My original plan had been to tie the quilt but when I finished piecing it, I couldn't figure out how I would tie it that wouldn't detract from the overall scene. So I ended up quilting clouds in the sky, out lining the trees, and putting in some additional lines of hills across the light green. The quilting shows up well on the light blue backing.
The plan was for the quilt to be 68 x 50 lap size, but I forgot to measure it before I gave it away. I think it ended up pretty close to that. I took these photos in the evening light last week so the colors are a bit yellow and the light is low in the sky. Here is the whole thing (except the top right corner seems to be bent under).

Monday, October 19, 2009

Monday Harvest Totals 10/19

This week we had two harvests of greens. The first was 4 oz of lacinato kale. We finally tried the oven roasted kale recipe from Four Green Acres and it was delicious. We ate it along side pasta with tomato sauce, and ended up tossing it on top of the pasta for the next day's left overs.

The second harvest was 5 oz of swiss chard, and 1 oz of winterbor kale which took the place of beet greens in a beet risotto recipe. I picked some sorrel too but didn't end up using it so I'm not including it.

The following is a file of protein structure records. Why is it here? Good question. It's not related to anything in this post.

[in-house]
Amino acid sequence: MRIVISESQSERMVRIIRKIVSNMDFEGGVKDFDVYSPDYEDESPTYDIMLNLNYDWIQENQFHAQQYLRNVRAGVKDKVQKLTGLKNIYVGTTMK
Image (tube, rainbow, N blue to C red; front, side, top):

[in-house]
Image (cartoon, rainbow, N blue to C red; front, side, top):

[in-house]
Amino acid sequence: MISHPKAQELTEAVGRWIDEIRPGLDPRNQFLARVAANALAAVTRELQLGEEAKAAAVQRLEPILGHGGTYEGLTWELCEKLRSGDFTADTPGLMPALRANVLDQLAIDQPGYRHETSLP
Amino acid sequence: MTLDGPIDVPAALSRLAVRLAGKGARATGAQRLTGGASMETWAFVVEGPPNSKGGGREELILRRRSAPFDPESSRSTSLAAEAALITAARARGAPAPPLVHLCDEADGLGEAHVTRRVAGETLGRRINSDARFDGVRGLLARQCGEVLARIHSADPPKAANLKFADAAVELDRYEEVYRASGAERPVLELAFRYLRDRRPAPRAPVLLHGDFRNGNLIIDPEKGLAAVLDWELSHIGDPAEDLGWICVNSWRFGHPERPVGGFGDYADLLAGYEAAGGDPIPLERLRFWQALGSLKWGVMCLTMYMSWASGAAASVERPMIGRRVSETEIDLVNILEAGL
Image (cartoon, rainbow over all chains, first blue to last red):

I've noticed this week with the freezing temps that the greens that touch the glass are getting cold burned. I'm not sure what to do except cut back those leaves. Unfortunately the winterbor kale is tall for the cold frame, though thankfully shorter than my lacinato. Maybe it will start bushing out to the side if it can't put on new foliage on top.

You can see what other gardeners are harvesting at Daphne's Dandelions.

Monday, October 12, 2009

Monday Harvest Totals 10/12

Here is my one harvest for the week. I picked 4 oz of Swiss Chard, 2 oz of Mizuna, and 2 oz of tatsoi last Wednesday. They all went into a pasta carbonara dish and were a delicious mix of flavors.

We had our first serious heavy frost this morning. The hardy greens remain outside and inside the cold frame. You can find out about other gardeners' harvests at Daphne's Dandelions.

Thursday, October 8, 2009

Indoor Garden

Last year I brought in two Swiss chard plants for the winter to experiment with continuing the growing season indoors. Since I have the cold frame I decided I'd leave the chard outside this winter. However, when the first threat of frost came a few weeks ago, I decided to move my peppers, basil, and herbs indoors. Here they are in their pots on Sept 19th.
Three basil plants,
One red cayenne pepper plant that had already fruited but looked like it would being to bloom again.